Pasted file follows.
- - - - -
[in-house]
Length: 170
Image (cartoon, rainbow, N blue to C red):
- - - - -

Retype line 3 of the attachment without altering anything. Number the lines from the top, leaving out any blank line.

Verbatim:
Image (cartoon, rainbow, N blue to C red):